Romney to Reid: 'Put up or shut up' on source of 'untrue' tax claims
Published August 02, 2012 FoxNews.com
Mitt Romney lashed back at Harry Reid on Thursday in an interview with Fox News' Sean Hannity, saying the Senate majority leader needs to "put up or shut up" after airing allegations about Romney's taxes.
Reid, a Nevada Democrat, first raised eyebrows Tuesday by saying in a news interview that someone had told him Romney went 10 years without paying taxes. He would only identify his source as an investor in Romney's former venture capital firm, Bain Capital, and he acknowledged, "I'm not certain" it's true.
That didn't stop Reid from taking to the Senate floor Thursday to accuse the Republican presidential candidate again of paying no taxes, part of a broader Democratic attack on Romney for declining to release more than two years of tax documents.
"The word's out that he hasn't paid any taxes for 10 years," Reid said. "Let him prove that he has paid taxes, because he hasn't."
But Romney forcefully denied Reid's allegations in his interview with Hannity.
"Harry’s going to have to describe who it is he spoke with, because, of course, that is totally and completely wrong," Romney said. "It’s untrue, dishonest and inaccurate. It’s wrong.
"So, I’m looking forward to have Harry reveal his sources, and we will probably find out it’s the White House."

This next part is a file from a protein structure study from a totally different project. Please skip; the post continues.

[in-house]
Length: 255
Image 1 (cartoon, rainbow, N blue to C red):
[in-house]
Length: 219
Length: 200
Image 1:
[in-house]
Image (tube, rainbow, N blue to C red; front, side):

Watch the interview with Romney on "Hannity" at 9 p.m. ET
Romney's campaign earlier rejected the majority leader's statement as "shameful."
Reid also raised eyebrows for invoking Romney's late father, himself a one-time presidential candidate.
"His poor father must be so embarrassed about his son," Reid said told the Huffington Post.
George Romney, a Michigan governor, released 12 years of tax returns during his unsuccessful bid for the Republican presidential nomination in 1968. His son has released only his 2010 tax return and an estimate for 2011, years when he was preparing for his own presidential bid or already running.
Reid's comments come in the middle of a scathing critique of the former Massachusetts governor's tax plan. The Tax Policy Center, which Romney has called "an objective third party" in the past, noted that his proposal would give benefits to high-income earners while giving a tax increase to middle-class Americans. Romney's camp has disputed that analysis.